But we couldn't leave yet -- the show wanted us to get in the confessional room to get our side of the drama.  Realizing that far from a documentary, we were dealing with an exploitative reality show, my sister refused to comment.  I don't think I've ever seen someone so angry at someone else's calm.  We filed down the hall to collect our belongings stashed on the con floor (as no one had expected the competition to last two hours past when the con floor closed.)  After dealing with security, we began to pack the superfluous costume pieces when three of the "heroes" with camera in tow confronted us.  Again we let my sister take the lead of deflating the drama and not letting the "friendly chat" devolve into the catfight the "heroes" kept trying to steer it into.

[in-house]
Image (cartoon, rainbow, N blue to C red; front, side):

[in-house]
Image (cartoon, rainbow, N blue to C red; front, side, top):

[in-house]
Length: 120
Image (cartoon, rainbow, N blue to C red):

It is one thing to know that reality shows are manipulatively edited, and quite another to be turned into a reality show villain.  From early reviews I've seen, the show tries to make it look like we were heckling them throughout the show, that we picked on the girls and stole "their" prize.  I will say, I'm sorry I yelled at the "heroes."  I'm sorry I gave them any footage for this show.  I'm even sorry that we competed at all, even if it meant waiting another year to see our dream come true -- when it comes to reality shows, the only winning move truly is not to play. 
At the same time, when one sits down to a honest game of poker only to realize that one is against a couple of card sharks with a stacked deck, one's anger at the unfairness is not quenched by the exultation of beating the card sharks at their own game.  I make no apologies for being angry at "Heroes of Cosplay," 51 Minds for producing it, Syfy for airing it, and Yaya Han and all her other "heroes" for being part of something so sleazy.

Edit 9/20: I have posted an apology to Becky, Holly, Jessica, and Chloe here: